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Browsing: Diary of Charles Francis Adams, Volume 1


Docno: ADMS-13-01-02-0003-0011-0031

Author: CFA
Date: 1824-10-31

Sunday. October 31st. IX.

Arose and sat myself down to spend the day comfortably at home. I had the good fortune to discover yesterday that Mr. Flagg, a well known resident graduate at our good University of Cambridge.1 I therefore immediately made up my mind. It is rather a poor view of life, if we look at the number who have and others who are now toiling through an education at Cambridge, labouring like moles without talent enough to carry them to any distinction, and devoured after remaining here the better part of their lives, consuming their lives in study or in sleep, to obtain at best a miserable parish with perhaps one hundred and fifty dollars a year. Many such exist here { 435 } and many such are toiling through College at the present day to obtain this enviable situation. They are all for the most part able bodied and might have profited society in active labours where mind was not so much in question. I amused myself reading over a variety of numbers of the Adventurer and the Guardian.2 These books were intended to assist the morals of the age and to correct folly and vice. But in my opinion their tendency is bad, at least in some particulars. A large number turn on the seduction and ruin of young women. I think there is much danger in the description and in their effect upon the imagination. I think that it is exposing to young men a view of the weakness of the female sex such as few of them come to the knowledge of until long after they are young. And as to the ill consequences threatened, one misfortune attends them, they are not invariable, hope is left, and hope is the most deceptive phantom in the human heart. [Here follow in the MS more than four lines very heavily inked out, presumably by the diarist.] The fact is, consequences occur very seldom in comparison with the commission of the deed, and it does appear to me according to our existing laws of society that this commission is no crime. I believe God intended the union of the sexes as soon as they became of age to know the passion, our society forbids it until we can support the consequences. This may be singular doctrine and I may hereafter find it false, but I do now firmly believe. I think the present institutions of society are detestable for a young man, but I must confess I see no way of altering them for the better. I think them a perversion of the natural order of things but I cannot discover what the natural order is.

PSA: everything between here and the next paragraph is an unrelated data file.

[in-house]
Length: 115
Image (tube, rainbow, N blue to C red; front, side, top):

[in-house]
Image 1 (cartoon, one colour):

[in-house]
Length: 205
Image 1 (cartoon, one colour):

In the afternoon I went and slept for a considerable time. I spent part of the Evening with my Grandfather and heard him for once tell me of some of his cares. My Uncle and Aunt have so little prospect before them after his death, he spoke feelingly, the children also, if he could have done anything for them but it was entirely impossible.3 I tried to console him as much as possible but I think the thing preys upon his mind very much. He is a remarkable man, he has done much for that family, but I am afraid all the assistance he can give will avail little. He has improved this farm very much and I think I can discover a general plan upon which he has gone of late years to assist that family. I am sorry for them and wish a part well. I got into conversation again downstairs upon the Presidential election and other matters with Miss Harriet which did not break up until my Uncle entered and we had varied our topics so much as to fall upon him so that we could say no more. I afterwards had some political { 436 } conversation with him and some on the Medical Faculty with George by which I made him laugh very much. I was surprised tonight to hear my Grandfather speak so severely of Mrs. Clarke. He spoke of her levity in a tone which might even chill her; she certainly is an amazingly unthinking, inconsistent woman. Religious with asperity, virtuous with repulsion and smooth with insincerity. She is a match for Mrs. Adams and had that poor man, her husband, lived, would have made a vixen of a wife. He did not get out of the honey moon however and as it is, poor dear Mr. Clarke and her delightful husband are good terms for her to indulge in. She can love no one hereafter and it is a good way to prove she has loved somebody once. I went to bed pretty early although my afternoon’s nap took away part of my rest. XI.
1. CFA’s sentence is incomplete; doubtless his discovery was that John Flagg, graduate resident in the theological school ( Harvard Annual Cat., 1824), was going to preach in Quincy.
2. The Adventurer, 2 vols., London, 1753–1754, by J. Hawkesworth, Samuel Johnson, and others. JQA’s set of The Guardian, 2 vols., London, 1745, is in the Stone Library.
3. Punctuated thus in MS .
{ 436 }